The Mexican scenes, mostly subtitled, concern the difficulty of convincing a grossly underpaid police force to risk their lives to save the Yanquis from their own sweet tooth for drugs. Del Toro, usually a Latin cutthroat in the movies, is a revelation as an honest cop who is betrayed by almost everyone he trusts. But he's still amused by parts of the job. Javier purrs "mi, amorrrrr" at some unfortunates he's arrested.

In another rich scene, he tries to keep a straight face dealing with some flustered American tourists who have had their car pinched. Javier is streetwise enough to know where the car is and how it can be ransomed; the Americans, accustomed to a more straightforward flow of justice, don't get the picture and are standing there baffled. Del Toro shows the uses of quietness among angry people. There are times in Traffic when Del Toro is the resurrection of Robert Mitchum.

IN SECTION TWO, American DEA cops Montell (Don Cheadle) and Ray (Luis Guzman) are trying to nail the U.S. distributors of the Obregons' dope. Thus they entrap a middleweight dealer named Eduardo (Miguel Ferrer, hugely amusing and as acrid as vinegar).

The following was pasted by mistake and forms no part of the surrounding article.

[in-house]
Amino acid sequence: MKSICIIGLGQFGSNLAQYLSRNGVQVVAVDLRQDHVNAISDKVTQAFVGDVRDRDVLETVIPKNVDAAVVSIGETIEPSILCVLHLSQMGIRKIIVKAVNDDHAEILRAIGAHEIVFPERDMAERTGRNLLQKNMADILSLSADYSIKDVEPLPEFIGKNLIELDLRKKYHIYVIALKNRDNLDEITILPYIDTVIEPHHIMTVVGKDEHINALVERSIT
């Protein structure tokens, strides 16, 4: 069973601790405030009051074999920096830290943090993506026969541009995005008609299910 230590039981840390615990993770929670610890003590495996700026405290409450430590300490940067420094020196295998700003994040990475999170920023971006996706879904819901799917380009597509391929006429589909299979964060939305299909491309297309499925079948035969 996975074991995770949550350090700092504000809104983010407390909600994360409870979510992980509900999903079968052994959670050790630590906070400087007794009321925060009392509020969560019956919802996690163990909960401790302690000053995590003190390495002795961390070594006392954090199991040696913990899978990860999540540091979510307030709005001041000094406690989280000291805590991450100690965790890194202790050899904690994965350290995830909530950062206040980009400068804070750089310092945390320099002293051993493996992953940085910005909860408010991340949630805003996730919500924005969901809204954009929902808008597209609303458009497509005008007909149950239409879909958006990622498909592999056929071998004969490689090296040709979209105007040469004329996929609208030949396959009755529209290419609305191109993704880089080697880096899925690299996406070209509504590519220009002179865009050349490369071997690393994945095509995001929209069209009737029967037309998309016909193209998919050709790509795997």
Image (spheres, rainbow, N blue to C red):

The plan is to squeeze Eduardo into turning against his boss Carlos Alaya (Steven Bauer). Later, the two officers stake out the boss's wife, Helena (a pregnant Catherine Zeta-Jones). Cheadle and Guzman, who were last paired in Soderbergh's Out of Sight, make a terrific comedy act. They deliver some dialogue, maybe improvised, that would be a credit to Elmore Leonard or James Ellroy.

In the third section, Robert Wakefield (Michael Douglas), an Ohio Supreme Court justice, has been tapped as the new drug czar appointee. He's been picked for his hard line on drug crimes, rather than for any particular understanding of the drug war. While Wakefield concentrates on accepting this high office, he continues his neglect of his wife (Amy Irving) and daughter, Caroline (Erika Christensen), who is already experimenting with smoking heroin.